“How to Write Short” by Roy Peter Clark
You should write shorter. You should read Roy Peter Clark‘s book “How to Write Short: Word Craft for Fast Times” to learn how.
The biggest problem with how people write now is that they are out of touch with how people read now. People read online, and the average article gets 20 seconds of attention.
But writing short is not so easy. It takes discipline. Poynter Institute senior scholar Roy Peter Clark wants to help you to develop that discipline. He is a student of everything from tweets to headlines to fortune cookies to song lyrics. In a series of short (of course) chapters, he opens your eyes to how short writers do what they do. As he says, “When it comes to the how of short writing, you will find three paths: learning short writing through reading; practicing the best short writing moves; and cutting longer texts down to size.” This is what he teaches; you should learn it.
Here are a few of my favorite quotes from the book, with the chapter they came from in bold, and my comments in brackets.
Follow the work of short writers. Think “picture postcard.” Look for a single image to imprint on the mind of readers and listeners. . . . Select the best piece of something spoken, not the whole speech. . . . Search and destroy redunandant elements. Adverbs are a favorite target, . . . as in totally severed or deeply rooted or curiously inquisitive. [A picture may be worth a thousand words, but a few words of imagery can do nearly as well.]
Write in the margins. To be a real reader, . . . you’ve got to mark up the page. . . . [W]riting in books [is] an indispensible tool of learning. [This changed my thinking about how to do research. What’s the digital equivalent of writing in the margin?]
No dumping. When I think of [the best online] writers . . . I am reminded that they share, in spite of their many differences, on essential writing value: . . . they never dump stuff online. I get the impression, . . . that they revise their writing online — no matter how short — with the same rigor they would bring to editing the chapters of a book. [Amen! Don’t dump your crap and make us sort through it.]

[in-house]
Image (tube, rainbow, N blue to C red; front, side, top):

Cut it short. Remember Donald Murray’s aphorism “Brevity comes from selection and not compression.” [This is the best possible way to think about summarizing without turning your ideas into textureless mush.]
Entice [a chapter on dating profiles]. [W]ould a reader of my work discover in my writing voice someone worth talking to over a beer or a cup of coffee? Everything you write is, in essence, a dating profile. [Remember, in business writing, everything you create tells people who you are: somebody who gets to the point or a time-waster.]
List. Among reliable strategies [for making prose tighter]: sidebars, subheads, footnotes, paragraphing, and checklists. [If you think prose is what writing is about, you’ve ignored the ability to create structure with these types of tools. This chapter includes a list of 25 tips that is worth the price of the whole book.]
A few final words. The great writer, working in the short form, can look back on the history of writing for sources of inspiration and can build on the tradition of word craft — even in these fast times.
I feel that Roy Peter Clark is a fellow traveler. Get a copy of this book. It’s fun, and you’ll learn something.
I just cut three paragraphs from today’s blog post. This needs to become a habit for me.
I just ordered this book and see he’s got several others. Do you recommend any of them as highly?
How do you avoid writing nothing but bumper stickers and tweets?
Infomapping (www.informationmapping.com) is a powerful technique to achieve clarity with brevity.